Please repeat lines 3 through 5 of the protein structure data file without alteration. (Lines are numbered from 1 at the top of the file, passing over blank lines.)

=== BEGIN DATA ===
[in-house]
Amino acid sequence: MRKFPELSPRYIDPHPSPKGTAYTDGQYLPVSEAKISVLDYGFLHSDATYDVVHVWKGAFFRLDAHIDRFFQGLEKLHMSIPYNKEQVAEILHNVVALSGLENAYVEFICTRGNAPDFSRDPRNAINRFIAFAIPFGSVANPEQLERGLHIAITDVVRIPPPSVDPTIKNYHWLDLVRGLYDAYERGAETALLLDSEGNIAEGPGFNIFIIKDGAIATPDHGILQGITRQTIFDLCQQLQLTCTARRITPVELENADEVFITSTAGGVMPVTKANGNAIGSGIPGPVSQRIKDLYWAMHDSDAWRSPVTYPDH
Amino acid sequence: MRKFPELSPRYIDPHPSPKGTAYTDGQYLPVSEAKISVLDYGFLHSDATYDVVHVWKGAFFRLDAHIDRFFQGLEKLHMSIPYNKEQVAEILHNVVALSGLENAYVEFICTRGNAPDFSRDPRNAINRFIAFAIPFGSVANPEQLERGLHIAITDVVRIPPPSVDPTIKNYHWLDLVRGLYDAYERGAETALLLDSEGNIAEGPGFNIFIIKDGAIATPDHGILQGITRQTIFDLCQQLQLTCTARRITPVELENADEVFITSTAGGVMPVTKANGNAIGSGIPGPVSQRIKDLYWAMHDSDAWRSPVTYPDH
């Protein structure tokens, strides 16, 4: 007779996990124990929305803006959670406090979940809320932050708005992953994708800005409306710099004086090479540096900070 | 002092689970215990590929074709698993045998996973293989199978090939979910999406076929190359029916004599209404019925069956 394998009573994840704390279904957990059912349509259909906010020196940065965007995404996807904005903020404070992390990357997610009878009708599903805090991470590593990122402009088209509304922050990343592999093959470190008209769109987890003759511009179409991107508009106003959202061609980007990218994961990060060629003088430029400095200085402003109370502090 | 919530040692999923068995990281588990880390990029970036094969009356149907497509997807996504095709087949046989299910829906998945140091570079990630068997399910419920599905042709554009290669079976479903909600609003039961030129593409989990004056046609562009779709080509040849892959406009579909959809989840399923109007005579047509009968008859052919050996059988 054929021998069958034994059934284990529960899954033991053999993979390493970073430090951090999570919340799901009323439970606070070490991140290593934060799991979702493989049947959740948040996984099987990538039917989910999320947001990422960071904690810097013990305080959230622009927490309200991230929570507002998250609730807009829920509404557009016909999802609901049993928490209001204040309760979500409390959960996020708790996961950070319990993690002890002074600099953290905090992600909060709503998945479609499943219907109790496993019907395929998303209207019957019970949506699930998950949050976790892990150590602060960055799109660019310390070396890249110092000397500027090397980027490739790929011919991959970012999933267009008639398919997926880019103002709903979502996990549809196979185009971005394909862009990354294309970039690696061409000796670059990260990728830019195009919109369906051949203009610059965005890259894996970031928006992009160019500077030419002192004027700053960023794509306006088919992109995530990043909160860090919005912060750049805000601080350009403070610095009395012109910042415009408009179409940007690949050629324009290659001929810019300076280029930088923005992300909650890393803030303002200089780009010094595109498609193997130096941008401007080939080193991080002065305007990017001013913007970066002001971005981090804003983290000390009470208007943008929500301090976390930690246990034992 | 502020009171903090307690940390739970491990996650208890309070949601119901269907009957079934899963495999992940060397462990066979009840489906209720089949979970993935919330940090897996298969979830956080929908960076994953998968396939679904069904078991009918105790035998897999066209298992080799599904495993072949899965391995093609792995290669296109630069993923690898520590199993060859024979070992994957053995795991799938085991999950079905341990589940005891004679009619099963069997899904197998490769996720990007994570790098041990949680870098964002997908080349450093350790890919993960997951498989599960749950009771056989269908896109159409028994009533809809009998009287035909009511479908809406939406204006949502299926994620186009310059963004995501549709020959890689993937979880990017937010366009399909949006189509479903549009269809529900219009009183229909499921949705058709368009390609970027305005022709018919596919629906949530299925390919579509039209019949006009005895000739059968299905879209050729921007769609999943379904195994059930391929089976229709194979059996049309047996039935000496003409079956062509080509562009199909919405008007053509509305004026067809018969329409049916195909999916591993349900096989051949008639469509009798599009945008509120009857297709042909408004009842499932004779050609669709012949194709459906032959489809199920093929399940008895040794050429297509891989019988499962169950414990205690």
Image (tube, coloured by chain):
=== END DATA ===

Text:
Amino acid sequence: MRKFPELSPRYIDPHPSPKGTAYTDGQYLPVSEAKISVLDYGFLHSDATYDVVHVWKGAFFRLDAHIDRFFQGLEKLHMSIPYNKEQVAEILHNVVALSGLENAYVEFICTRGNAPDFSRDPRNAINRFIAFAIPFGSVANPEQLERGLHIAITDVVRIPPPSVDPTIKNYHWLDLVRGLYDAYERGAETALLLDSEGNIAEGPGFNIFIIKDGAIATPDHGILQGITRQTIFDLCQQLQLTCTARRITPVELENADEVFITSTAGGVMPVTKANGNAIGSGIPGPVSQRIKDLYWAMHDSDAWRSPVTYPDH
């Protein structure tokens, strides 16, 4: 007779996990124990929305803006959670406090979940809320932050708005992953994708800005409306710099004086090479540096900070 | 002092689970215990590929074709698993045998996973293989199978090939979910999406076929190359029916004599209404019925069956 394998009573994840704390279904957990059912349509259909906010020196940065965007995404996807904005903020404070992390990357997610009878009708599903805090991470590593990122402009088209509304922050990343592999093959470190008209769109987890003759511009179409991107508009106003959202061609980007990218994961990060060629003088430029400095200085402003109370502090 | 919530040692999923068995990281588990880390990029970036094969009356149907497509997807996504095709087949046989299910829906998945140091570079990630068997399910419920599905042709554009290669079976479903909600609003039961030129593409989990004056046609562009779709080509040849892959406009579909959809989840399923109007005579047509009968008859052919050996059988 054929021998069958034994059934284990529960899954033991053999993979390493970073430090951090999570919340799901009323439970606070070490991140290593934060799991979702493989049947959740948040996984099987990538039917989910999320947001990422960071904690810097013990305080959230622009927490309200991230929570507002998250609730807009829920509404557009016909999802609901049993928490209001204040309760979500409390959960996020708790996961950070319990993690002890002074600099953290905090992600909060709503998945479609499943219907109790496993019907395929998303209207019957019970949506699930998950949050976790892990150590602060960055799109660019310390070396890249110092000397500027090397980027490739790929011919991959970012999933267009008639398919997926880019103002709903979502996990549809196979185009971005394909862009990354294309970039690696061409000796670059990260990728830019195009919109369906051949203009610059965005890259894996970031928006992009160019500077030419002192004027700053960023794509306006088919992109995530990043909160860090919005912060750049805000601080350009403070610095009395012109910042415009408009179409940007690949050629324009290659001929810019300076280029930088923005992300909650890393803030303002200089780009010094595109498609193997130096941008401007080939080193991080002065305007990017001013913007970066002001971005981090804003983290000390009470208007943008929500301090976390930690246990034992 | 502020009171903090307690940390739970491990996650208890309070949601119901269907009957079934899963495999992940060397462990066979009840489906209720089949979970993935919330940090897996298969979830956080929908960076994953998968396939679904069904078991009918105790035998897999066209298992080799599904495993072949899965391995093609792995290669296109630069993923690898520590199993060859024979070992994957053995795991799938085991999950079905341990589940005891004679009619099963069997899904197998490769996720990007994570790098041990949680870098964002997908080349450093350790890919993960997951498989599960749950009771056989269908896109159409028994009533809809009998009287035909009511479908809406939406204006949502299926994620186009310059963004995501549709020959890689993937979880990017937010366009399909949006189509479903549009269809529900219009009183229909499921949705058709368009390609970027305005022709018919596919629906949530299925390919579509039209019949006009005895000739059968299905879209050729921007769609999943379904195994059930391929089976229709194979059996049309047996039935000496003409079956062509080509562009199909919405008007053509509305004026067809018969329409049916195909999916591993349900096989051949008639469509009798599009945008509120009857297709042909408004009842499932004779050609669709012949194709459906032959489809199920093929399940008895040794050429297509891989019988499962169950414990205690």
Image (tube, coloured by chain):